The Shakespeare Conference: SHK 18.0687  Friday, 12 October 2007

From: 		Carol Barton <This email address is being protected from spambots. You need JavaScript enabled to view it.>
Date: 		Wednesday, 10 Oct 2007 18:56:14 -0400
Subject: 18.0680 Authorial Intention
Comment: 	Re: SHK 18.0680 Authorial Intention

Larry Weiss remarks in part that "A human act has three essential 
elements, viz: Motive, Intent, and Conduct (not "to act, to do and to 
perform"). In other words, we are all subject to a sort of behavioral 
inertia; we do nothing until acted upon by an outside stimulus (motive), 
which inspires us to want to do something about it (intent) and then, as 
the last element in the chain, we engage in the desired conduct to 
satisfy or remove the motivational stimulus. So, if you see someone 
drink a glass of water, you may confidently assume that she wanted to do 
so (intent), and with slightly less certainly assume that she was 
thirsty (motive).  The first inference is just as valid if she drank a 
glass of wine, but we cannot ascribe the motive to thirst with the same 
degree of confidence-she might have wanted to savor the bouquet, get 
tipsy, etc."

But therein lies the rub, Counsel. Suppose the reason the person was 
drinking the glass of water was that someone standing behind the 
individual had coerced him or her into doing so--at knifepoint, though 
you couldn't see the blade--knowing that one can actually die from 
drinking too much water?

Like a jury attempting to evaluate criminal intent ("premeditation") in 
a murder trial, the best we can do with regard to establishing authorial 
intent is make what seem to us to be reasonable inferences from the data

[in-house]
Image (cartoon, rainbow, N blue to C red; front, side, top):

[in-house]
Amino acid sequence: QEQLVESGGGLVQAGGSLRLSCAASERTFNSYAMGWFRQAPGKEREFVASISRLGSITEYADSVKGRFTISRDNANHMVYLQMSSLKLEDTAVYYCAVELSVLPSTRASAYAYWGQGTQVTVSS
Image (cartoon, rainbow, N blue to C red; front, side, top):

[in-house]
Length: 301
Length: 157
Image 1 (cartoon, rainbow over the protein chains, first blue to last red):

available to us: about the contextual legitimacy (verite), about the 
appropriateness of connotation vs. denotation in the period in question, 
about possible historical or biographical influences, about the author's 
known beliefs or religious or political convictions--and so on. But we 
can never know for certain that "that's what Shakespeare meant," any 
more than the jury who acquits or convicts can be positive "beyond a 
shadow of a doubt" what the murderer's ultimate motives were. A 
preponderance of circumstantial evidence may be against him or her--and 
the murderer may go free, or the innocent accused be convicted--but the 
only one who has any hope of knowing why he did what he did is the 
individual (and even he may be acting on psychological impulses of which 
he himself is not entirely conscious). We can know that Jack the Ripper 
killed prostitutes . . . but whether he did it because his mother was 
one, or his sister had been abducted and forced to become one, or he had 
an unrequited (or impotent) passion for one who rejected or mocked him, 
we can't say (though any or all of those motives are plausible).

It has always seemed to me that Shakespeare wanted (intended) for every 
reader/audience member to see his or her own piggies in the clouds--a 
"mirror up to nature," whatever that individual's nature might be. But I 
don't know that for fact, either.

Best to all,

S H A K S P E R: The Global Shakespeare Discussion List
Hardy M. Cook, This email address is being protected from spambots. You need JavaScript enabled to view it.
The S H A K S P E R Web Site <http://www.shaksper.net>

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